- Hypericum perforatum is a perennial, rhizomatous herb that can reach 4 ft. (1.2 m) in height.
- Leaves are opposite, sessile, elliptic, 0.4-1.2 in. (1-3 cm) long and dotted with many pellucid glands.
- Flowering occurs from June to September, when bright yellow flowers develop at the tips of the stems. Flowers have five petals and many stamens. Petals typically have black glands along the margins.
- The fruits are three-chambered capsules with three persistent styles.
- Ecological Threat
- Hypericum perforatum has been used to treat mild depression, but has been shown to cause hyper photosensitivity. Plants inhabit rangelands, pastures, roadsides and forest clearings. St Johnswort is native to Europe. Hypericum perforatum may be poisonous to cattle in large doses.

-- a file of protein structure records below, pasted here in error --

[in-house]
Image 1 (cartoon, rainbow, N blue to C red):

- Zouhar, Kris. 2004. Hypericum perforatum. Fire Effects Information System, U.S. Department of Agriculture, Forest Service, Rocky Mountain Research Station, Fire Sciences Laboratory
- Oregon Department of Agriculture Plant Programs, Noxious Weed Control
- Washington State Noxious Weed Control Board
- Flora of China, www.eFloras.org
- California Invasive Plant Council
- USDA NRCS PLANTS
- USDA ARS GRIN